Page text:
Thursday, February 16, 2012

They Call Us Crackers* Sometimes

"When they go, Ghana will be here. They are like mice on an elephant's back. They will pass...He is just part of Africa." --All God's Children Need  Traveling Shoes by Maya Angelou

The American writer and poet, Maya Angelou was among the last of a generation who were raised under the full weight of segregation. As a child in rural Stamps, Arkansas, Ms. Angelou was privileged to be the grand daughter of a land owning woman with an independent business in the village of Stamps. From her relatively secure position, she became educated and an inveterate reader of all types of literature. Steeped in the ways of the old South, by necessity, Ms. Angelou's early life formed a resolute character that later supported her as she forged forward to New York's Harlem in the 1950's. A supporter of Martin Luther King and later of MalcomX, she earned her "radical" stripes early.

Reading her work chronicled together as an autobiography is an eye-opening journey with a brave and determined woman. But she also shows herself to be like anyone anywhere; Ms. Angelou is not perfect. She repeatedly retorts with prejudices of her own youth and despite her extensive literary style, does at times pejoratively refer to some as "crackers". For the casual reader of Ms. Angelou, this may come as a surprise. She, these days, is perhaps equally well known as one whose words accompany Hallmark greeting cards. Yet a more thorough reading of her works reveals a woman who is complex and honest enough to admit her thoughts and what she learns. All God's Children Need Traveling Shoes has many nuggets; one in particular is when as the focus of the tale, Maya emigrates to Ghana, intending to leave all the strife behind in America. In Ghana she is surprised and repeatedly confronted with the unexpected:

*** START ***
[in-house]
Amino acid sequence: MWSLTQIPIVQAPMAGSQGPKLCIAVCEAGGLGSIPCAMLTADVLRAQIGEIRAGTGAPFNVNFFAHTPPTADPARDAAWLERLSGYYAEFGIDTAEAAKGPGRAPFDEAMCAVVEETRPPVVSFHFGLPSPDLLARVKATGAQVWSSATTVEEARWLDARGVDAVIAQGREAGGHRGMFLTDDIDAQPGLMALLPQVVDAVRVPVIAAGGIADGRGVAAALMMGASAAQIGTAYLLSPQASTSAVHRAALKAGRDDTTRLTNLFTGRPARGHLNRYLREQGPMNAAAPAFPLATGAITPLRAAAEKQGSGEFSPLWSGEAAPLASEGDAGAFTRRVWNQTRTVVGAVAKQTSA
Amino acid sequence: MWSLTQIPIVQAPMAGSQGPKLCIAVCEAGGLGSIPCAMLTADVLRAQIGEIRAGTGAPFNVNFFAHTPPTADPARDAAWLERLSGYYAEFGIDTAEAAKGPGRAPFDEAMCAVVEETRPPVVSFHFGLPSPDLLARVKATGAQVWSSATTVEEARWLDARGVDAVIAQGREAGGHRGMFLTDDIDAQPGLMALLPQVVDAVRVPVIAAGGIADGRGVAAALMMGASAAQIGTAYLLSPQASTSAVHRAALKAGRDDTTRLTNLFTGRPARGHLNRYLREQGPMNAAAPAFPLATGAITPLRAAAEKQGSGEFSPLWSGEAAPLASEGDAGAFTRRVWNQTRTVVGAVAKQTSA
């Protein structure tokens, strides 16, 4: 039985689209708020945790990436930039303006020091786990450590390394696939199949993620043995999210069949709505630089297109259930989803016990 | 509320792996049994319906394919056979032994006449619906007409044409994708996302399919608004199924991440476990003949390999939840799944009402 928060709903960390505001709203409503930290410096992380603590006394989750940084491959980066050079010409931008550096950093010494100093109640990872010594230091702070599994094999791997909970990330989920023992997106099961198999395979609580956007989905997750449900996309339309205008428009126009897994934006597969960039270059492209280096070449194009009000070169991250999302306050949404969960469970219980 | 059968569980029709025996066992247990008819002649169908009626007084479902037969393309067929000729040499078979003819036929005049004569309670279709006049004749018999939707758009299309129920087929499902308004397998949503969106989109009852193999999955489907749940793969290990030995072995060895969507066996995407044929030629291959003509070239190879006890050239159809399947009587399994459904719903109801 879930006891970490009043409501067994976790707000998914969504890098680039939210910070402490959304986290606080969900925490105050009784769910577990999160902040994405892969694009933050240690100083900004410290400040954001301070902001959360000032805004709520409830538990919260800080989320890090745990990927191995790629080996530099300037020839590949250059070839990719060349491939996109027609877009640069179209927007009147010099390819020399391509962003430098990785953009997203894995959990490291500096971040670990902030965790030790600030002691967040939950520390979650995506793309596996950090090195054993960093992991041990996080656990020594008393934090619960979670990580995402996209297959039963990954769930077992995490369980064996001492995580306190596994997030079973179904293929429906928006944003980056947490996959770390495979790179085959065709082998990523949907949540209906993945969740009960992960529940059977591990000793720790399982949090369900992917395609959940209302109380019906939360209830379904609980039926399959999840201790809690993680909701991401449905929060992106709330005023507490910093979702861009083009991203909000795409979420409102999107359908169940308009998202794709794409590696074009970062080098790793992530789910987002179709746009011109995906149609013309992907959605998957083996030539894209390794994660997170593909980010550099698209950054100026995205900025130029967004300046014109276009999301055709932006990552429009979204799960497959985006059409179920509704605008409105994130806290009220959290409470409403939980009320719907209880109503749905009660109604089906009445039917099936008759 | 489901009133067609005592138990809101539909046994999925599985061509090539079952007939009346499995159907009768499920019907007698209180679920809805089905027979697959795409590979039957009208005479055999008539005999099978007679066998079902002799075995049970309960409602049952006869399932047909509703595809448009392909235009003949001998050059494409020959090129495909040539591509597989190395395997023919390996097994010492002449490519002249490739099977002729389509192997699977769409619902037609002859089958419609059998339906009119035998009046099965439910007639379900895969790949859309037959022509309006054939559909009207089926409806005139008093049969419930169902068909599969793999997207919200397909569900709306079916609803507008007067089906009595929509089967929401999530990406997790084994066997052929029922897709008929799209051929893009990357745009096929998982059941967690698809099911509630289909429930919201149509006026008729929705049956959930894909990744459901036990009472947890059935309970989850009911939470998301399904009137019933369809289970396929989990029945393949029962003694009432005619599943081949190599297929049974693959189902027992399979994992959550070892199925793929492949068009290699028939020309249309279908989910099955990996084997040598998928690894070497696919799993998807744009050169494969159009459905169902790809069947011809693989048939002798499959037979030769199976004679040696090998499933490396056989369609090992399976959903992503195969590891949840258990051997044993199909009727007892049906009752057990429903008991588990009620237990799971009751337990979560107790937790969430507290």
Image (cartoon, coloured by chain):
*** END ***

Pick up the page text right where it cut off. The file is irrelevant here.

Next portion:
"Professor, why you let them disturb your heart?"
 I stuttered... 
"They were insulting my people. I just couldn't sit there." 
His smiled never changed. "And your people, they my people?"
"Yes but--I mean American Blacks."
"They been insulted before?"
"And they still live?"
"Yes, but... they also insulted Ghana, your country."
"Oh Sister, as for that one, it is nothing..." 
He said, "This is not their place. In time they will pass. 
Ghana was here when they came. When they go, Ghana will be here. 
They are like mice on an elephant's back. They will pass."

She is then astonished that a simple Ghanaian man could be so secure in this knowledge that he could ignore another's rudeness. He concludes his thought with the observation, that even that man, he is also a part of Africa, a place made of many nations, peoples and cultures. Despite many false starts, Ms. Angelou comes to learn that she too has a place while not as a returned African, but as a living, breathing "Black American" in Africa. This story tells her tale. Spiritually it is poignant in her struggle for understanding of herself and others; she makes sense of the precept of meeting one another on level ground, neither better no worse, telling her experience as she perceives it.

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